News Release Date: September 14, 2015
Contact: Tina Boehle, (208) 387-5875
The 2015 fire season in the Lower 48 started off slowly, but within a two-week period from the end of July to mid-August, the national preparedness level went from PL-2 to PL-5. With hundreds of lightning fires igniting across the western United States, forests, parks, refuges, and state lands needed firefighters and resources for response. At the high point, August 24, 2015, there were over 30,000 firefighters dedicated to fire suppression and fire management efforts on western wildfires.
In response to the need for mid-level managers such as division supervisors, task force leaders, helicopter managers, heavy equipment bosses, and safety officers, the National Interagency Fire Center reached out to Australia and New Zealand for assistance. The benefits of working with the two countries include an incident command system similar to that of the United States, similar use of terminology, and fire seasons opposite those of the western United States. The last time the United States requested assistance from Australia and New Zealand was 2008.
The Australian liaisons arrived at the National Interagency Fire Center on August 20 and set up their office in the National Park Service suite in the headquarters building. Several days later, 70 fire managers and specialists arrived and began the process of getting outfitted with equipment and supplies, as well as oriented to the wildland fire situation, weather, and fire behavior typical of the northwestern United States.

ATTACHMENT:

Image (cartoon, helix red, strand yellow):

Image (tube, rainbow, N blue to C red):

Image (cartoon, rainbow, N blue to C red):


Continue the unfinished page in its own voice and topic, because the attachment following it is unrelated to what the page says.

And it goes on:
National Park Service employees were involved in orienting the Australians and New Zealanders to their assignments. Fire communication and education staff assisted during the press event held to welcome the contingent and outfit the group with supplies. Jim Shultz, National Wildland Fire Training Program Manager and Matt Dutton of the Bandelier Wildland Fire Module led training on when to use and how to deploy fire shelters, which are used in the United States, but not in Australia or New Zealand. It was a new experience for members of the group who had not previously fought fire in the United States. Meg Gallagher, National Aviation Specialist and Robert Dauphinais, helicopter program manager at Grand Canyon National Park, on detail at the time to U.S. Forest Service Region 6, continued the training for the helicopter managers in Redmond, OR, instructing New Zealanders and Australians in helicopter management.
Once orientation and training were complete, the Australian and New Zealand fire managers and specialists headed to their assignments on fires throughout the Northwest and Northern Rockies geographic areas. Regional liaisons were sent to geographic area coordination centers, while two Australian liaisons and one New Zealand liaison remained at the National Interagency Fire Center in Boise, Idaho.
View a video of Matt Dutton conducting fire shelter training for the Australians and New Zealanders.